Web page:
Armageddon Rag

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Authors: George R.R. Martin
Tags: Fiction
nice place,” he lied.
    “Hell,” said Slozewski, “you’re just saying that. It’s just another goddamned bar to you. I know how tacky the place looks outside. Cinder blocks and all. I’m not dumb. But you don’t know the half of it. This is an important place.”
    “Important?” Sandy said.
    “The Gopher Hole is kind of a dream come true for me,” Slozewski said. “I put everything I had into this place, and I’m losing money on it, but I don’t give a fuck. I’m paying back some dues, the way I see it.” He scowled. “Music’s a tough game. I remember how hard it was, breaking in. I always remembered that, even after we got big.”
    “The Nazgûl?”
    Slozewski nodded. “You saw the end of it, those years we were on top. You never saw the beginning. Mean times. We had a new sound, raw and angry like the times, and we did all our own material, Faxon’s stuff. No one wanted to hear it. No one wanted to hear us. When we did get a gig, we’d get these bozos in the crowd requesting all kinds of dumb shit. Standards, you know? And we’d get managers leaning on us to do that crapola. And the pay was… hell, there ain’t no word for it. We all had second jobs on the side. I was a cook at Denny’s, on the graveyard shift.” He shrugged his massive shoulders. “Well, when we made it, I made up my mind that I was going to make things easier for kids breaking in. That’s what the Gopher Hole is all about. You ought to come back in a couple of hours and hear the Steel Angels. They’re damn good. New Wave kind of sound, you know? Not commercial, but good. That’s the only kind I book. To play here, they have to be doing their own stuff, original. No disco crap, either. I give them a start, a regular gig if they need it. And I pay them decent money, too. I’d pay them better if I could, but we haven’t been doing as well as I’d like.” He shrugged again. “But what the hell, I can afford it. The music is what’s important, not the money. But you don’t want to hear all this, do you? You want to hear about Jamie Lynch.”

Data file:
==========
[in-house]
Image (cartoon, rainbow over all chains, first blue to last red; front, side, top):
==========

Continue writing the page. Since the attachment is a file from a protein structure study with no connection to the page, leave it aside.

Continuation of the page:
“And the Nazgûl,” Sandy said. “Sorry. Maybe I can get Jared to do a little item on your place.”
    “I’ll believe that when I see it,” Slozewski growled. His voice was as rumbly and deep as it had been in his performing days. “Look, I don’t mind talking to you, but I’ll tell you right up front that I think you’re wasting your time. I don’t know diddly-shit about who killed Jamie, and I care less. And I’m sick of talking about the Nazgûl.”
    “Why?” Sandy asked.
    “Why was Lennon sick of being asked about the Beatles breaking up?” It was a rhetorical question. Slozewski walked around the edge of the bar and continued as he methodically began to fix himself a drink. “Next month I’ll be thirty-seven years old. Forty isn’t so far off. A lot of life. I’ve got a place I’m real involved in, trying to do something good for music. I was a good drummer for a long time. After West Mesa, I had a three-year gig with Nasty Weather, and then with Morden & Slozewski & Leach, and for a little bit with the Smokehouse Riot Act. The Riot Act could have been one hell of a band too, if only Morden and Jencks hadn’t been such flaming assholes. We did some good tracks. If we’d stayed together, we might have made people forget all about the Nazgûl. Do I ever get asked about that, though? Nah.” He scowled and shook his head. “All they want to know about is the Nazgûl. I’d be the last guy to put down the Nazgûl, mind you. We were
. We were a world-class rock band. I’m proud of that part of my life. West Mesa ended it, though. Some crazy out there in the dark squeezed a trigger, and it was over, and we had to move on. Only they won’t let me. You hear what I’m saying? I’m John Slozewski, and I want to be treated like John Slozewski, not just like I’m one-fourth of the Nazgûl. Fuck that shit.”
    Slozewski’s deep voice had taken on a

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